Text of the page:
Lascar War Memorial
|Lascar War Memorial|
Lascar War Memorial, Kolkata
|Architectural style||Indo – Mughal Style|
|Town or city||Kolkata, West Bengal|
|Completed||6 February 1924|
|Height||100 feet (30 m) (approximately)|
|Design and construction|
|Architect||William Ingram Keir|
The Lascar War Memorial, located on Napier Road in the Hastings area of Kolkata, is a memorial dedicated to the memory of the 896 lascars (sailors from the Indian subcontinent) who died serving on ships of the Royal Navy and British Merchant Service during World War I.
|“||He had thought that the Lascars were a tribe or nation, like the Cherokee or Sioux: he discovered now that they came from places that were far apart, and had nothing in common, except the Indian Ocean; among them were Chinese and East Africans, Arabs and Malays, Bengalis and Goans, Tamils and Arakanese.||”|
|— Sea of Poppies by Amitav Ghosh|
A lascar (Lashkar, Laskar) (Persian: لشکر) and (Bengali:লস্কর) was a sailor or militiaman from the Indian Subcontinent or other countries east of the Cape of Good Hope, employed on European ships from the 16th century until the beginning of the 20th century. The word comes from the Persian Lashkar, meaning military camp or army, and al-askar, the Arabic word for a guard or soldier. The Portuguese adapted this term to lascarim, meaning an Asian militiaman or seaman, especially those from the Indian Subcontinent. Lascars served on British ships under 'lascar' agreements which gave shipowners more control than the usual agreement. The sailors could be transferred from one ship to another and retained in service for up to three years at one time. The name lascar was also used to refer to Indian servants, typically engaged by British military officers.
History and architecture
The Lascar War Memorial was erected by shipping and mercantile companies, in the memory of the 896 Lascars of undivided Bengal and Assam who lost their lives during World War I. The monument is situated at the southern end of the Maidan, on Naiper Road, Hastings, near Prinsep Ghat. The 100 feet high monument was unveiled by Lord Lytton, then Governor of Bengal on 6 February 1924. The monument, built in typical Oriental style, is a four-sided column, having designs reflecting the prow of an ancient galley on each side of the column. The upper part of the monument consists of four small minarets and a large gilt dome. A typical Indian look has been given by adding wavy lines beneath the projected balcony, which symbolises waves, along with chhajjas and trellises. The Lascar War Memorial has similarities with the victory tower of Chittor. The memorial built in the Indo-Mughal style by William Ingram Keir, who also designed the Kidderpore Bridge, buildings at Bengal Engineering and Science University in Shibpur, the Indian Institute of Technology, Kharagpur, and Islamia College, and also replaced the 1934 earthquake affected spire of St. Paul's Cathedral, Kolkata with a tower. William Ingram Keir won a prize of Rupees 500 for designing the memorial. The inside of the Memorial is approached through a huge doorway on the Northern wall. The interior contains three plaques below the inscription "Lascar Memorial." One plaque commemorates the unveiling of the memorial by Lord Lytton, then Governor of Bengal on 6 Feb. 1924. The second plaques says that the memorial was erected by shipping and mercantile community of India in memory of the 896 seamen of Bengal Assam and upper India (the term Lascar is not used) who lost their lives in service of the British Empire in the great war of 1914 – 18. The third smaller plaques tells about the renovation and lighting of the Lascar War Memorial.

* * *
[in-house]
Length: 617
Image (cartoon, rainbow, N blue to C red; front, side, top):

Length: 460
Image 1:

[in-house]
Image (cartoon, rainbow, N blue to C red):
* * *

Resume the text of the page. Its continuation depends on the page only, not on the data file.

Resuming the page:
In 1994, commodore B K Mohanti spotted the ruined and neglected Lascar War Memorial overgrown with vegetation during his morning walk. Recognising the importance of the monument, Mohanty arranged for funds for the renovation of the memorial. The renovation and lightning was completed in December 1994. A.L. Dias, then Governor of West Bengal, switched on the illumination on 7 December 1994 on the occasion of the 40th anniversary of INS Netaji Subhas.
Lascar War memorial is the venue for several events:
National Navy Day of India is celebrated every year at the Lascar War Memorial every year on 4 December. On 4 December 2012, James Keir, son of William Ingram Keir, the architect of the Lascar War Memorial visited the memorial. Commodore B K Mohanti, who took the initiative to restore the memorial, was also present. The event was an initiative by Indian National Trust for Art and Cultural Heritage (INTACH), Kolkata Chapter, to popularise lesser known monuments in Kolkata.
Apeejay Kolkata Literary Festival
On 13 Jan. 2013 the Lascar War Memorial was the venue of the Apeejay Kolkata Literary Festival. Apeejay Kolkata Literary Festival 2013 on its closing day hosted an afternoon literary session at the compound of the Lascar War Memorial. The event consisted of several book reading sections, a debate on the topic "Is Kolkata still the cultural capital of India" and a music band session. Apeejay Kolkata Literary Festival also featured the live performance of traditional baul singers and poto chitra artists.
- Das, Soumitra (12 July 2009). "Tears of Subaltern". The Telegraph. Kolkata. Retrieved 11 March 2013.
- Niyogi, Subhro (4 November 2012). "Forgotten War Memorial gets its place in history". Times of India. Kolkata. Retrieved 11 March 2013.
- Basu, Soma (20 November 2011). "Oceans Apart". The Statesman. Retrieved 12 March 2013.
- Butalia, Romesh C (1999), The evolution of the Artillery in India, Allied Publishers, p. 239, ISBN 81-7023-872-2
- "Death in Kolkata". John Barry. Retrieved 14 March 2013.
- "Kolkata Lit Fest" (PDF). Retrieved 11 March 2013.